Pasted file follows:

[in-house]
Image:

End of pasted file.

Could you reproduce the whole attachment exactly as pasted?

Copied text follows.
[in-house]
Image: